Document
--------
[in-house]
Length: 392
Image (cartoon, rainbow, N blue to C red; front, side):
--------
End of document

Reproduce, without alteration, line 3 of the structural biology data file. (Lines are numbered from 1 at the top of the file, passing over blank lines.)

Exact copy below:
Image (cartoon, rainbow, N blue to C red; front, side):